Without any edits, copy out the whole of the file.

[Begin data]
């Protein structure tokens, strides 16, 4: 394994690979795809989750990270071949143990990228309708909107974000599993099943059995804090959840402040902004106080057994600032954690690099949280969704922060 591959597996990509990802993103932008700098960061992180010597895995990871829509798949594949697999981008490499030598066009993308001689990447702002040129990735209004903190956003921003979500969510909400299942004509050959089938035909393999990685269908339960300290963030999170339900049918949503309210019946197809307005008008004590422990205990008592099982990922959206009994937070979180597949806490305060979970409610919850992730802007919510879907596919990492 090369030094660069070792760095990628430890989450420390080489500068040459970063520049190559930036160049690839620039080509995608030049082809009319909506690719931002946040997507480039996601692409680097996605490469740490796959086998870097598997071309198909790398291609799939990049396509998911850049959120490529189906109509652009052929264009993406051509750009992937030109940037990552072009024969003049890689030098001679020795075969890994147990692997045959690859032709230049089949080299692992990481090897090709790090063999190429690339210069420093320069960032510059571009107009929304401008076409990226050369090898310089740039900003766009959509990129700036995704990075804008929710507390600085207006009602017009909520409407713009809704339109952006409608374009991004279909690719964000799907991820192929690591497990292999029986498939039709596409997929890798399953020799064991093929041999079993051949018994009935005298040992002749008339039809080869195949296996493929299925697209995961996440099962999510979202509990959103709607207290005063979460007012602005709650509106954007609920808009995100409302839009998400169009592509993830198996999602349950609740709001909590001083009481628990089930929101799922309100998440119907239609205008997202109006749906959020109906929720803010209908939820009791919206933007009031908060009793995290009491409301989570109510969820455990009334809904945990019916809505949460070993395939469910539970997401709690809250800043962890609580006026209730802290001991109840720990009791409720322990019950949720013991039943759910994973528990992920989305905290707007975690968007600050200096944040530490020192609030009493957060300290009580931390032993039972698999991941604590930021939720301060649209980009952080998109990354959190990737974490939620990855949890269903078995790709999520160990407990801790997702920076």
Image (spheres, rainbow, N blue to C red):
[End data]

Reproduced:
């Protein structure tokens, strides 16, 4: 394994690979795809989750990270071949143990990228309708909107974000599993099943059995804090959840402040902004106080057994600032954690690099949280969704922060 591959597996990509990802993103932008700098960061992180010597895995990871829509798949594949697999981008490499030598066009993308001689990447702002040129990735209004903190956003921003979500969510909400299942004509050959089938035909393999990685269908339960300290963030999170339900049918949503309210019946197809307005008008004590422990205990008592099982990922959206009994937070979180597949806490305060979970409610919850992730802007919510879907596919990492 090369030094660069070792760095990628430890989450420390080489500068040459970063520049190559930036160049690839620039080509995608030049082809009319909506690719931002946040997507480039996601692409680097996605490469740490796959086998870097598997071309198909790398291609799939990049396509998911850049959120490529189906109509652009052929264009993406051509750009992937030109940037990552072009024969003049890689030098001679020795075969890994147990692997045959690859032709230049089949080299692992990481090897090709790090063999190429690339210069420093320069960032510059571009107009929304401008076409990226050369090898310089740039900003766009959509990129700036995704990075804008929710507390600085207006009602017009909520409407713009809704339109952006409608374009991004279909690719964000799907991820192929690591497990292999029986498939039709596409997929890798399953020799064991093929041999079993051949018994009935005298040992002749008339039809080869195949296996493929299925697209995961996440099962999510979202509990959103709607207290005063979460007012602005709650509106954007609920808009995100409302839009998400169009592509993830198996999602349950609740709001909590001083009481628990089930929101799922309100998440119907239609205008997202109006749906959020109906929720803010209908939820009791919206933007009031908060009793995290009491409301989570109510969820455990009334809904945990019916809505949460070993395939469910539970997401709690809250800043962890609580006026209730802290001991109840720990009791409720322990019950949720013991039943759910994973528990992920989305905290707007975690968007600050200096944040530490020192609030009493957060300290009580931390032993039972698999991941604590930021939720301060649209980009952080998109990354959190990737974490939620990855949890269903078995790709999520160990407990801790997702920076």
Image (spheres, rainbow, N blue to C red):